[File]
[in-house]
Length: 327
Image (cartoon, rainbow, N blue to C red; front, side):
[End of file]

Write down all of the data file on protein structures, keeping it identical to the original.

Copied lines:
[in-house]
Length: 327
Image (cartoon, rainbow, N blue to C red; front, side):